Thomas Alsop is the Hand of Manhattan—a protector of the island who gets his power from the island itself. He is the Hand because his father was before him, and so on back through the ages to the earliest European settlers on the island. While Thomas Alsop uses his powers to fund his lifestyle with television shows that most people think are special effects and stunts, the original Hand—also named Thomas Alsop—faces a grave challenge. Flashback to the founding of Manhattan: A slave ship, the London Rose, has arrived heavily covered in black magic. Although Thomas discovers the ship to be cursed and orders it to be destroyed and used as landfill, the curse is not broken. Back in 2001, the attack on the Twin Towers has released many souls and uncovered the remains of the London Rose. Now, the darkness is rising again.
Mickiewicz has written a well-done story about a man who hasn’t really taken his gift seriously and is now facing real evil. Bouncing back and forth between the present and the past, the reader slowly builds a picture of a hidden reality beneath the surface of Manhattan. The Thomas Alsop of the past is kind-of uptight and the Thomas Alsop of the present is a bit self-centered, taking his power for granted. Neither are particularly likeable.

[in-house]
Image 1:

Schmidt accents his ink drawings with washes of watercolor that give great ambiance to this work. Partially inspired by the events of 9/11, one of the most striking scenes is when the present-day Thomas Alsop, who can see spirits, screws up his courage to visit the site of the Twin Towers. The view is from the ground, looking up at thousands of ghosts filling and creating the shape of the towers.
Together, Misckiewicz and Schmidt have written a dark and compelling work. It is intriguing, but not comfortable. The last image, of Thomas leering over the tops of his sunglasses, finally having a plan to deal with the curse, leaves the reader eager for book two.
Thomas Alsop: The Hand of the Island
by Chris Miskiewicz
Art by Palle Schmidt
Boom! Studios, 2015